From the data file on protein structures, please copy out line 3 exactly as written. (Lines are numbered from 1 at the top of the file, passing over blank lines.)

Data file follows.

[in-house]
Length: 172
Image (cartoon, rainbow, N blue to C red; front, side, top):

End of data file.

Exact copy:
Image (cartoon, rainbow, N blue to C red; front, side, top):